Police Minister Poto Williams will not be backing down on her strong stance not to support the general arming of police because the Māori and Pacific Island communities she represents do not want it.
The National Party meanwhile has called for Armed Response Teams (ARTs), which were controversially trialled in 2019, to be reinstated, but is also not in support of arming all police.
Williams' comments come during the trial of the man who admits murdering Constable Matthew Hunt during a routine traffic stop, but has denied the attempted murder of a second officer.
A Hamilton officer was also injured by a firearm during a routine traffic check this month.
And police in Hamilton and Auckland were last week confronted by armed offenders prompting calls from Police Association president Chris Cahill for more frontline police to be armed because of a growing number of criminals carrying guns.
Williams told Newstalk ZB's Mike Yardley this morning that she supported police officers being armed when they needed to be, but did not think it should extend to the permanent arming of the force nor the controversial ARTs.
This was because she had listened to overwhelming feedback from the Māori, Pacific Island and South Auckland communities who didn't want it.
They were telling her "loud and clear" that the general arming of police and the Armed Response Teams (ARTs) were a real concern to them and had been distressed to learn armed police were routinely patrolling their streets, she said.
Yardley said he had received hundreds of texts after the interview.
"I have never seen the text machine completely explode as it has in the past few minutes," said Yardley, referring to listener feedback. "'Mike, I am a serving police officer, I have started the day listening to your show feeling unbelievably disheartened.'; 'Mike, the crims are going to be lapping this up'; 'Is she representing the views, concerns of all New Zealanders?'," said Yardley, quoting some of the feedback.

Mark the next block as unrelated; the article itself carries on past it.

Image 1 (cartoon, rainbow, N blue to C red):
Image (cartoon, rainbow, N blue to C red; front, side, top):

The Sensible Sentencing Trust accused Williams of "total rigor mortis" in dealing with gangs and firearms.
"Police are being attacked, assaulted, and shot at in record numbers and the minister needs to be making decisions based on their safety and ability to protect themselves and the community – not some politically charged implication that police are racist," said trust co-leader Darroch Ball.
"She puts officers and community safety a distant second to the 'community she represents'."
Minister: Māori, Pacific dealings with police 'not been that great'
Williams said statistics showed Māori and Pacific populations were stopped more, charged more, arrested more and for those communities having permanently armed police was a "real difficulty for them".
Williams also acknowledged the Māori and Pacific communities' interactions with police over the years "had not been that great".
Police data also shows Māori are nearly eight times more likely than Pākehā to be on the receiving end of police force.
During offender proceedings, force was used against Māori 40 per cent more often than Pākehā during 2019 - an increase from 24 per cent in 2014.
Research published by police show of the 107 police shootings between 1916 and June 2020 Māori were victims in 43 instances, Pākehā 37 and "unknown" 21.
In 44 fatal shootings, Māori were again disproportionately represented with 17 victims and Pākehā 12.
Between 2009-2019, two thirds of all those shot by New Zealand Police were Māori or Pasifika.
Generally arming police would also change the relationship between police and the communities they served, Williams said.
"If we generally arm the police we change the relationship we have as a community with our police service," WIlliams said.